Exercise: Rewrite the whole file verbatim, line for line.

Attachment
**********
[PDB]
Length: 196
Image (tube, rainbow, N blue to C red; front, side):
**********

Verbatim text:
[PDB]
Length: 196
Image (tube, rainbow, N blue to C red; front, side):